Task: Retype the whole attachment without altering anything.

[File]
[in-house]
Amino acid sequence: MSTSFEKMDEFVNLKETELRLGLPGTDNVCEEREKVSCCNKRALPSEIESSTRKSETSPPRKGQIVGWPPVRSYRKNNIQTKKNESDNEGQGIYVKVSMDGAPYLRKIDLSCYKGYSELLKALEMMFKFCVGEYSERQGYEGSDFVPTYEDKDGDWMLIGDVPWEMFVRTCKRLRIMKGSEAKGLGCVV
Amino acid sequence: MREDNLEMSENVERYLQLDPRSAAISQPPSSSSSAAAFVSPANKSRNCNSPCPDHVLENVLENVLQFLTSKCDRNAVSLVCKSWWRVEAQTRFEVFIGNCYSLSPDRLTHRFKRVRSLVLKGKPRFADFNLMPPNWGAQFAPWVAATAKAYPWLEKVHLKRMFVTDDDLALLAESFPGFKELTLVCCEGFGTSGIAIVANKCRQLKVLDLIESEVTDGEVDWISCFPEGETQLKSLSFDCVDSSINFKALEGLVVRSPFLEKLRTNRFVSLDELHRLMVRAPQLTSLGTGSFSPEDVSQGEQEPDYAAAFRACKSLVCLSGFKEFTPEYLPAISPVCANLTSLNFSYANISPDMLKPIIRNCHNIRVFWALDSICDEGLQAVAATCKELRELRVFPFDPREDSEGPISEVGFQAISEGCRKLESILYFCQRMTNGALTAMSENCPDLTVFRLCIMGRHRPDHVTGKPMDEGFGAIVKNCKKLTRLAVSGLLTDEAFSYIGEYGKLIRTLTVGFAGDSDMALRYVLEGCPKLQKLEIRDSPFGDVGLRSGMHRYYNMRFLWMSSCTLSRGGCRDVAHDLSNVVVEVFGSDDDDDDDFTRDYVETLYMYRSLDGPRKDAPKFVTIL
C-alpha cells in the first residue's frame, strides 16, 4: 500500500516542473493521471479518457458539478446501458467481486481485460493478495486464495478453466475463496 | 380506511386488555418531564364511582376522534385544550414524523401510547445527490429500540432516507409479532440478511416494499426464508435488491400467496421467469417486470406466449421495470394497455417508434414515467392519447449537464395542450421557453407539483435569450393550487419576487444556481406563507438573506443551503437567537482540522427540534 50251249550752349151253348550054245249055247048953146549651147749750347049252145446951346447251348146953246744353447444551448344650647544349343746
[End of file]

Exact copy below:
[in-house]
Amino acid sequence: MSTSFEKMDEFVNLKETELRLGLPGTDNVCEEREKVSCCNKRALPSEIESSTRKSETSPPRKGQIVGWPPVRSYRKNNIQTKKNESDNEGQGIYVKVSMDGAPYLRKIDLSCYKGYSELLKALEMMFKFCVGEYSERQGYEGSDFVPTYEDKDGDWMLIGDVPWEMFVRTCKRLRIMKGSEAKGLGCVV
Amino acid sequence: MREDNLEMSENVERYLQLDPRSAAISQPPSSSSSAAAFVSPANKSRNCNSPCPDHVLENVLENVLQFLTSKCDRNAVSLVCKSWWRVEAQTRFEVFIGNCYSLSPDRLTHRFKRVRSLVLKGKPRFADFNLMPPNWGAQFAPWVAATAKAYPWLEKVHLKRMFVTDDDLALLAESFPGFKELTLVCCEGFGTSGIAIVANKCRQLKVLDLIESEVTDGEVDWISCFPEGETQLKSLSFDCVDSSINFKALEGLVVRSPFLEKLRTNRFVSLDELHRLMVRAPQLTSLGTGSFSPEDVSQGEQEPDYAAAFRACKSLVCLSGFKEFTPEYLPAISPVCANLTSLNFSYANISPDMLKPIIRNCHNIRVFWALDSICDEGLQAVAATCKELRELRVFPFDPREDSEGPISEVGFQAISEGCRKLESILYFCQRMTNGALTAMSENCPDLTVFRLCIMGRHRPDHVTGKPMDEGFGAIVKNCKKLTRLAVSGLLTDEAFSYIGEYGKLIRTLTVGFAGDSDMALRYVLEGCPKLQKLEIRDSPFGDVGLRSGMHRYYNMRFLWMSSCTLSRGGCRDVAHDLSNVVVEVFGSDDDDDDDFTRDYVETLYMYRSLDGPRKDAPKFVTIL
C-alpha cells in the first residue's frame, strides 16, 4: 500500500516542473493521471479518457458539478446501458467481486481485460493478495486464495478453466475463496 | 380506511386488555418531564364511582376522534385544550414524523401510547445527490429500540432516507409479532440478511416494499426464508435488491400467496421467469417486470406466449421495470394497455417508434414515467392519447449537464395542450421557453407539483435569450393550487419576487444556481406563507438573506443551503437567537482540522427540534 50251249550752349151253348550054245249055247048953146549651147749750347049252145446951346447251348146953246744353447444551448344650647544349343746